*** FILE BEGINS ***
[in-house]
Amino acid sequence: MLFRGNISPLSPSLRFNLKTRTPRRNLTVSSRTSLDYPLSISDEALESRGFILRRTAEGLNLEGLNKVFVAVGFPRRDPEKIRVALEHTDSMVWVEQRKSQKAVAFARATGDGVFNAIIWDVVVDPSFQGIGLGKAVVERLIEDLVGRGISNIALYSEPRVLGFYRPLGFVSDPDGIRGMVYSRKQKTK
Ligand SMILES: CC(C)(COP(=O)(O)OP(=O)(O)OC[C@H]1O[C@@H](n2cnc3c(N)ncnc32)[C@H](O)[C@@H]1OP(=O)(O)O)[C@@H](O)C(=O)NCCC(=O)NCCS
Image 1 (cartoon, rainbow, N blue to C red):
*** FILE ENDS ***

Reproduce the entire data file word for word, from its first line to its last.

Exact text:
[in-house]
Amino acid sequence: MLFRGNISPLSPSLRFNLKTRTPRRNLTVSSRTSLDYPLSISDEALESRGFILRRTAEGLNLEGLNKVFVAVGFPRRDPEKIRVALEHTDSMVWVEQRKSQKAVAFARATGDGVFNAIIWDVVVDPSFQGIGLGKAVVERLIEDLVGRGISNIALYSEPRVLGFYRPLGFVSDPDGIRGMVYSRKQKTK
Ligand SMILES: CC(C)(COP(=O)(O)OP(=O)(O)OC[C@H]1O[C@@H](n2cnc3c(N)ncnc32)[C@H](O)[C@@H]1OP(=O)(O)O)[C@@H](O)C(=O)NCCC(=O)NCCS
Image 1 (cartoon, rainbow, N blue to C red):